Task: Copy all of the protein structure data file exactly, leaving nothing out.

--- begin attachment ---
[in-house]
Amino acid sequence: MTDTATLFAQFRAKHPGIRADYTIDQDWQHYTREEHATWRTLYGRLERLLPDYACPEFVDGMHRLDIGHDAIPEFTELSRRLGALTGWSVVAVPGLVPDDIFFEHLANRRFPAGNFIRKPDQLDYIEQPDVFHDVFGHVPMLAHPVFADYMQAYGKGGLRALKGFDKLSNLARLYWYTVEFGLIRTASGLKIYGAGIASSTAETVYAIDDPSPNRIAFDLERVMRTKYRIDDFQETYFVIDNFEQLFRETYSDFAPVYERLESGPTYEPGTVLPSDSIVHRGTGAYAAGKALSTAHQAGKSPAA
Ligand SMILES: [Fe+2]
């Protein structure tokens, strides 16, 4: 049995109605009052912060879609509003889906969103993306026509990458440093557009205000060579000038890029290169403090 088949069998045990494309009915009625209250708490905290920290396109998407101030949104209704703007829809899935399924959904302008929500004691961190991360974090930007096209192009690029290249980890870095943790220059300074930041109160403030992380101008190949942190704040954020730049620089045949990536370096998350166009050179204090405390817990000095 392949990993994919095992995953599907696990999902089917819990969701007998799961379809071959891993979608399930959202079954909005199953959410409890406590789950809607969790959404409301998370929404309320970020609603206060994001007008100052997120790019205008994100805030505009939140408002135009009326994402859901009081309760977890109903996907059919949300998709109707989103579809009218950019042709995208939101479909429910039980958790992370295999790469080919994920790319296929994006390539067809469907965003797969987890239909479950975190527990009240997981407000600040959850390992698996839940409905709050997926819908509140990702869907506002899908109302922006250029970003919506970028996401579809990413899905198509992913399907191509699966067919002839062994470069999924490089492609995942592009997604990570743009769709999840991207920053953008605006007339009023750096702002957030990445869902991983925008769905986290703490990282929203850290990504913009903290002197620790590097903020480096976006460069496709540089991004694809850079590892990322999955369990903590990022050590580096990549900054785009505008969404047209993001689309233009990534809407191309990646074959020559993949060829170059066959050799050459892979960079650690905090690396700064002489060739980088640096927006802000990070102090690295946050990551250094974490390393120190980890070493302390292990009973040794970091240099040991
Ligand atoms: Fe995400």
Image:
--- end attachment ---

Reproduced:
[in-house]
Amino acid sequence: MTDTATLFAQFRAKHPGIRADYTIDQDWQHYTREEHATWRTLYGRLERLLPDYACPEFVDGMHRLDIGHDAIPEFTELSRRLGALTGWSVVAVPGLVPDDIFFEHLANRRFPAGNFIRKPDQLDYIEQPDVFHDVFGHVPMLAHPVFADYMQAYGKGGLRALKGFDKLSNLARLYWYTVEFGLIRTASGLKIYGAGIASSTAETVYAIDDPSPNRIAFDLERVMRTKYRIDDFQETYFVIDNFEQLFRETYSDFAPVYERLESGPTYEPGTVLPSDSIVHRGTGAYAAGKALSTAHQAGKSPAA
Ligand SMILES: [Fe+2]
């Protein structure tokens, strides 16, 4: 049995109605009052912060879609509003889906969103993306026509990458440093557009205000060579000038890029290169403090 088949069998045990494309009915009625209250708490905290920290396109998407101030949104209704703007829809899935399924959904302008929500004691961190991360974090930007096209192009690029290249980890870095943790220059300074930041109160403030992380101008190949942190704040954020730049620089045949990536370096998350166009050179204090405390817990000095 392949990993994919095992995953599907696990999902089917819990969701007998799961379809071959891993979608399930959202079954909005199953959410409890406590789950809607969790959404409301998370929404309320970020609603206060994001007008100052997120790019205008994100805030505009939140408002135009009326994402859901009081309760977890109903996907059919949300998709109707989103579809009218950019042709995208939101479909429910039980958790992370295999790469080919994920790319296929994006390539067809469907965003797969987890239909479950975190527990009240997981407000600040959850390992698996839940409905709050997926819908509140990702869907506002899908109302922006250029970003919506970028996401579809990413899905198509992913399907191509699966067919002839062994470069999924490089492609995942592009997604990570743009769709999840991207920053953008605006007339009023750096702002957030990445869902991983925008769905986290703490990282929203850290990504913009903290002197620790590097903020480096976006460069496709540089991004694809850079590892990322999955369990903590990022050590580096990549900054785009505008969404047209993001689309233009990534809407191309990646074959020559993949060829170059066959050799050459892979960079650690905090690396700064002489060739980088640096927006802000990070102090690295946050990551250094974490390393120190980890070493302390292990009973040794970091240099040991
Ligand atoms: Fe995400």
Image: